I remember the dolls because I played with them. I remember the tractor because it was so heavy and just always there, even after we were all too old to play with it. I think it was passed down to my nephew. I remember the fridge because in my mind it was special. These are all good memories and there were many bad ones in my childhood. But if nothing else, these paint the picture of the wonder and exploration of children.

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Outhouse Terrors

I talked about squat toilets and scary, dark toilets last week. They’re their own form of horror but none of them were that rustic, wooden box called the outhouse.

Many years ago when I was but a wee tyke, we visited some relatives out in Lac la Biche, Alberta. (I think it means deer lake in English.) They had a farm replete with chickens, cows, cats, hat and raspberry canes. And of course, like many farmsteads, there was running water in the house but it was built in an era before plumbing, and the toilets were outside.

I suppose as biffies go, these were probably higher class. There was a wooden boardwalk from the house to the outhouse. And it was a two-seater with toilet seats. My relatives were obviously comfortable sitting side by side and doing their business.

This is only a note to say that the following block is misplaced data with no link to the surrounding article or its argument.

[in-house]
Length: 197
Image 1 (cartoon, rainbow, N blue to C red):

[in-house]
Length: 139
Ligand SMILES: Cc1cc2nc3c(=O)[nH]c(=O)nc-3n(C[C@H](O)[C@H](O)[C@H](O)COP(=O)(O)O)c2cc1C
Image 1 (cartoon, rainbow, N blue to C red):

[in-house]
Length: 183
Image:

And so were my sister and me. During the visit we had to go out to the outhouse, at night. We took the flashlight and while sitting in the outhouse we were shining the lights about and making shadow puppets. I’m not sure how old we were. I’m thinking I was six and my sister twelve.

Anyways, after we were done peeing and playing, we went to leave…and couldn’t. The door was latched tight. On the outside was a simple wood toggle to keep the door shut when no one was in it. It had fallen down while we were inside and we started pounding and yelling. My sister, ever one to freak out easily, was screaming and crying, and of course I followed along. Here we were stuck in the dark, in a dreaded outhouse (luckily the fumes weren’t so bad) and with visions of perishing there.

Obviously that wouldn’t have happened. Someone would have missed us sooner or later and we weren’t going to die in there. But we were in the moment and hysterical. Of course the adults were inside yukking it up, talking and laughing and heard nothing until there was a lull in the conversation. They eventually came out (I’d say it was twenty minutes but it was more likely ten) and let us fly free, tear-streaked an terrified.